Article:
Is RSPCA a constitutional corporation?

The Fair Work Act of 2009 defines several distinct types of businesses as constitutional corporations. (Harris, Hargovan, & Adams, 2013). These are the entities that are incorporated under a state or territory's corporate legislation and can be categorized as either trading corporations or financial corporations. Constitutional corporations also include foreign bodies, bodies incorporated in a territory, and bodies identified as such by the corporate law. A registered welfare charity group is the Royal Society for the Prevention of Cruelty to Animals Queensland (RSPCA). The main activities of the organization are to improve the lives of domestic, farmed, and native animals in Queensland. The organization is a non-governmental community-based regulation with authority to prosecute animal cruelty and neglect. RSPCA is hence not a constitutional corporation because it has not been incorporated. Instead, the organization has been registered with the charitable organizations in Queensland. Additionally, its core business is not involved in either trading or financial corporation.

The new legislation was passed as a statute by the parliament of Australia. The Australian parliament is spent much time making laws. These laws are known as parliamentary statutes or Acts. Any statute passed by parliament becomes law and must be enacted by the necessary authorities. The Animal Well-being Act of Australia was passed by the parliament. Therefore, it is a law that will affect all the constitutional corporations. The new legislation, therefore, does not apply to RSPCA or any other organization that is not a trading, financial or foreign organization. Since RSPCA is an organization aimed at preventing cruelty to animals, it is one of the organizations that are expected to embrace the law as the law is meant to protect the animals. However, the RSPCA will not be affected by the statute.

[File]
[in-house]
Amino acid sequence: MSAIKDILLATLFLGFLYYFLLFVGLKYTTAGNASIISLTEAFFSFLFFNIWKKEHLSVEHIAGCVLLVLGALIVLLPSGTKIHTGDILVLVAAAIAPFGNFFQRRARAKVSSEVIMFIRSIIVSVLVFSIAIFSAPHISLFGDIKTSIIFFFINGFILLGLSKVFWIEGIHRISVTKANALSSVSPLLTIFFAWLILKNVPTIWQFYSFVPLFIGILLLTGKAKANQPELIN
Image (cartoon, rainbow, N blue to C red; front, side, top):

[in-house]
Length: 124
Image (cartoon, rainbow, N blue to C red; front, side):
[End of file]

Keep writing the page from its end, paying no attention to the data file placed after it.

For an organization to be an institutional corporation, it must be incorporated under the law of the state or the territory and can be categorized as either trading or financial corporation. Secondly, such institutions can be foreign bodies operating in the country or bodies incorporated in a territory. Furthermore, they can be bodies described as ones which corporate under the legislation (Rasnic, 2013). Organizations incorporated under the state legislation are a corporation. However, they are classified as constitutional corporations depending on whether they can be classified as financial or trading. The trading or the financial activities of the organization have to be significant for it to be classified as either financial or trading organization. In the case of RSPCA, it is not involved in any financial or trading activity; hence the organization cannot be classified as a constitutional corporation. Among the groups not classified as constitutional corporations there are partnerships, sole traders, local government and unincorporated associations. Since The Royal Society for the Prevention of Cruelty to Animals in Australia is an unincorporated corporation, it cannot be classified as a constitutional corporation.

In determining whether an organization is a trading or financial corporation, its current activities and not the purpose of its formation are determined. According to the new act passed by parliament, no trading, financial or foreign corporations within Australia shall conduct euthanasia unless two veterinaries agree that the animal is in the imminent likelihood of death and suffering from extreme pain. Since RSPCA is not a trading, financial or foreign corporation, the rule does not apply to the organization.